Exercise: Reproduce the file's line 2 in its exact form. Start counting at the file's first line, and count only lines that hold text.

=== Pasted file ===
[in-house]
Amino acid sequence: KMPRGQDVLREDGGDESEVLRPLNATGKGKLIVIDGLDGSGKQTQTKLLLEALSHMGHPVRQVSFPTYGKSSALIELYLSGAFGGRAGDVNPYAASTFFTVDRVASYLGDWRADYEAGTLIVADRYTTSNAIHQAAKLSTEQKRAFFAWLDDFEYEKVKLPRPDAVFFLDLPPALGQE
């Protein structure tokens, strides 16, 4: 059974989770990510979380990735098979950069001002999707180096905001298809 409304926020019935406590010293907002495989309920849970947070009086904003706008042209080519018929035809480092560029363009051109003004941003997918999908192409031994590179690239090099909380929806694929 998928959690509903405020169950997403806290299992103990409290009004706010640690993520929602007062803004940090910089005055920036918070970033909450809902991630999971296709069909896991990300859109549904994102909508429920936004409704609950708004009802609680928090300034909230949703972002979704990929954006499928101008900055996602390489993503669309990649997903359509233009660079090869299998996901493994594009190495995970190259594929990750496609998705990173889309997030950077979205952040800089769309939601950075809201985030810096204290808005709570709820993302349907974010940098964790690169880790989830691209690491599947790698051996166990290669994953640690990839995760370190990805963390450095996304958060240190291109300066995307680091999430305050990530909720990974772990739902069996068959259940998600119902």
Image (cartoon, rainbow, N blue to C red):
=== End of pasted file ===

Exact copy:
Amino acid sequence: KMPRGQDVLREDGGDESEVLRPLNATGKGKLIVIDGLDGSGKQTQTKLLLEALSHMGHPVRQVSFPTYGKSSALIELYLSGAFGGRAGDVNPYAASTFFTVDRVASYLGDWRADYEAGTLIVADRYTTSNAIHQAAKLSTEQKRAFFAWLDDFEYEKVKLPRPDAVFFLDLPPALGQE